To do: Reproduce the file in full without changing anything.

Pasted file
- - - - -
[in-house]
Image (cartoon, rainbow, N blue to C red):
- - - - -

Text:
[in-house]
Image (cartoon, rainbow, N blue to C red):